When you listen to Trio 3 perform, what you’re hearing is a conversation. You may not be able to name each note or play along. The rhythms may be unfamiliar, and the melody somewhat foreign. But at its very heart, the language of what they’re laying down is universal.

With Oliver Lake on saxophone, Reggie Workman on bass, and Andrew Cyrille on the drums, Trio 3 are masters of improvisational jazz. Honing their craft over decades alongside the greatest to ever play, the three musicians have their pick of who they choose to invite into the fold. For that reason, pianist and MacArthur “Genius” Vijay Iyer considered it a bit of an honor when he was asked to record with the group in 2013.

“These guys are all legendary musicians. They are all esteemed elder statesmen in the field of creative music, improvised music. Pioneering African-American artists. So I’ve admired them for decades,” says Iyer, who first saw Trio 3 perform together in the mid-’90s.

This isn’t to say that Iyer doesn’t bring his own esteem to the group. Universally hailed as an influential and important musician in his own right, Iyer also holds a PhD in the cognitive science of music. Perhaps it is for this reason that he is especially well-suited to understand why performing alongside Trio 3 is so special.

On bass, Workman has more than held his own on stage with John Coltrane, Thelonius Monk, and other big names that strike a chord with even those with the slightest knowledge of jazz over the past 60 years. Looking elsewhere in the rhythm section, Iyer describes Cyrille’s elegant touch on the cymbals, his buoyant sense of time, and the sense of care and detail in his attack. That leaves Lake on saxophone, who Iyer hails as an agile artist who spreads his talents from music to painting to poetry. As for the members of Trio 3, they offer their own explanation about the importance of inviting artists such as Iyer to have a seat alongside them.

“It broadens the horizon in terms of what kind of music we play. Everybody has different conceptions as far as compositions are concerned and it’s another challenge, an artistic challenge. At the same time, it’s also what you might call an artistic benefit, a reward of having another voice to be part of the whole,” says Cyrille. “Another voice also brings something else to the table. It’s like when you invite someone to a party and you say, ‘Bring something, some other kind of food that you like and you think other people will like.’ It’s the same thing with the music.”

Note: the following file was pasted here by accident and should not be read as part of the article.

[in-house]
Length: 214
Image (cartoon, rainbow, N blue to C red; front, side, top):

So when it came time to collaborate, Iyer brought a composition inspired by the death of Trayvon Martin. While the 17-year-old’s tragic death was still fresh on the minds of Americans, Iyer understood that racial violence had always been a part of the nation’s history. That piece of music would eventually carry the title “Suite for Trayvon (And Thousands More).”

“Most art is usually conditioned by the environment that the artist lives in. Whether you are a poet, a writer, a dancer, a painter, a musician, the dynamics of how you live, where you live, influence what it is that you express in the medium of your choice,” says Cyrille. “Of course, we have problems in this country as far as race is concerned and sometimes things are done that aren’t necessarily justified. So we feel that as citizens, just like everybody else. It’s just that we have an opportunity or a way of expressing what it is we feel through the art that we play.”

The composition begins with Iyer taking a pensive walk down the keys, lower and lower, as Cyrille taps out a consistent and ringing stutter on the cymbal. The piano and saxophone move in and out of synch with one another. Again, it’s the sound of these four musicians having a conversation. One that the country’s always needed to have, but could never quite find the right words to express.

“Sometimes music is defined as what you can’t say in words. So there’s a certain kind of feeling that’s projected when musicians get together in any kind of ensemble. I don’t care what the ensemble,” says Cyrille. “You can be playing Bach, Beethoven, or Mozart with an orchestra. All of that has to come together as an emotional package that will reach the audience. It’s the same when we’re ‘improvising.’ It’s just another way of making music, with a certain kind of definition in mind of what we’re doing … That’s what music is.”

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